What can I do in my 20s that will benefit my future self personally and professionally?

Are you willing to take action?

By Dylan Woon

October 7 2018

 Dylan woon shares with us on what you can do in your 20s to benefit your future self personally and professionally.

View your life as a series of projects. Here’s why:

Most people view their life in terms of basic stages: College > Career > Marriage > Children > Old Age. There’s nothing wrong, but a lot of your potential will be left unrealized.

Consider viewing your life this way: Internalize a habit > Learn a new skill > Create a prototype > Self-reflection > Experiment > Learn another skill. Or something similar. Your growth will be at least 3x faster than your peers. You can achieve so much more.

Projects can be any work, craft or skills you want to work on. 

You can create individual or group projects. Pick something you’re interested in. It’s even better if the demand out there is huge. When I first worked on my side projects, I thought the biggest reward was to see the projects succeeding. Well, I had an even bigger reward - seeing myself grow. I hope you will have the same experience too.Being able to self-direct a project and work on it say a lot about yourself.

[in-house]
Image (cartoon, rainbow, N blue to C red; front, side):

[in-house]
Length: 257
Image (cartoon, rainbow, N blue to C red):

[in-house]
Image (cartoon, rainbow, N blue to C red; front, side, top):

Now, here’s the question: Are you willing to take action?

Construct your own mental library. Here’s how:

Read a wide variety of non-fiction books, such as chemistry, philosophy, accounting, business, investing and mindset to build up your own mental library. The point of doing so is not to make you a nerdy bookworm, but to familiarize yourself with steep learning curve and the discomfort of entering uncharted territory. Don’t worry if you can’t remember all the content - you don’t have to. The process of understanding the context at the moment is more important than remembering it.